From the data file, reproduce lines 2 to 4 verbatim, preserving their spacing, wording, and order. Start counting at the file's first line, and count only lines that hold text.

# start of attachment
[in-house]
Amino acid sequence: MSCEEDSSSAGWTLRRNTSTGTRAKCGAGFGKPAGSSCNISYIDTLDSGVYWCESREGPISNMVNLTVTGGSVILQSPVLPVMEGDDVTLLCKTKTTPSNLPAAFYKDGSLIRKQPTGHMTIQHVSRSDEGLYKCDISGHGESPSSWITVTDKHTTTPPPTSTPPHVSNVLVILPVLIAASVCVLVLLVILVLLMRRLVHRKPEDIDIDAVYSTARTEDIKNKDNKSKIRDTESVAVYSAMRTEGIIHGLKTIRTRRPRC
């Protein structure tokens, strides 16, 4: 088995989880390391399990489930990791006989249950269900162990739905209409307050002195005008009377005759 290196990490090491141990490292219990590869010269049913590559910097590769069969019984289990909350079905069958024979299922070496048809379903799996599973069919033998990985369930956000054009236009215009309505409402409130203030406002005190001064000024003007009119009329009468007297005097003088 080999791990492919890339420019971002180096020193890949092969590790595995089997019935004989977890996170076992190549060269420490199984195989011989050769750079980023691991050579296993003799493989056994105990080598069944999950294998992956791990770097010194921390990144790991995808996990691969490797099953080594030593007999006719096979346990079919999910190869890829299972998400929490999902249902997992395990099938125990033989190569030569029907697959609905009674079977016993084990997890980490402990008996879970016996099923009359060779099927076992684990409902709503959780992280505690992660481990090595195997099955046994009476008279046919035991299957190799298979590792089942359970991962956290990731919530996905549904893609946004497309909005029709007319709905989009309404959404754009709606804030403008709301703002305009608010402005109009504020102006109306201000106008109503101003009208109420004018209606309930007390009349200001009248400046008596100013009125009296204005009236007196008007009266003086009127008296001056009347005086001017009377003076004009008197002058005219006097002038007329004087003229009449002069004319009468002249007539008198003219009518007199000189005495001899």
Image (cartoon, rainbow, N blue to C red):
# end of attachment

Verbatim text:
Amino acid sequence: MSCEEDSSSAGWTLRRNTSTGTRAKCGAGFGKPAGSSCNISYIDTLDSGVYWCESREGPISNMVNLTVTGGSVILQSPVLPVMEGDDVTLLCKTKTTPSNLPAAFYKDGSLIRKQPTGHMTIQHVSRSDEGLYKCDISGHGESPSSWITVTDKHTTTPPPTSTPPHVSNVLVILPVLIAASVCVLVLLVILVLLMRRLVHRKPEDIDIDAVYSTARTEDIKNKDNKSKIRDTESVAVYSAMRTEGIIHGLKTIRTRRPRC
């Protein structure tokens, strides 16, 4: 088995989880390391399990489930990791006989249950269900162990739905209409307050002195005008009377005759 290196990490090491141990490292219990590869010269049913590559910097590769069969019984289990909350079905069958024979299922070496048809379903799996599973069919033998990985369930956000054009236009215009309505409402409130203030406002005190001064000024003007009119009329009468007297005097003088 080999791990492919890339420019971002180096020193890949092969590790595995089997019935004989977890996170076992190549060269420490199984195989011989050769750079980023691991050579296993003799493989056994105990080598069944999950294998992956791990770097010194921390990144790991995808996990691969490797099953080594030593007999006719096979346990079919999910190869890829299972998400929490999902249902997992395990099938125990033989190569030569029907697959609905009674079977016993084990997890980490402990008996879970016996099923009359060779099927076992684990409902709503959780992280505690992660481990090595195997099955046994009476008279046919035991299957190799298979590792089942359970991962956290990731919530996905549904893609946004497309909005029709007319709905989009309404959404754009709606804030403008709301703002305009608010402005109009504020102006109306201000106008109503101003009208109420004018209606309930007390009349200001009248400046008596100013009125009296204005009236007196008007009266003086009127008296001056009347005086001017009377003076004009008197002058005219006097002038007329004087003229009449002069004319009468002249007539008198003219009518007199000189005495001899």
Image (cartoon, rainbow, N blue to C red):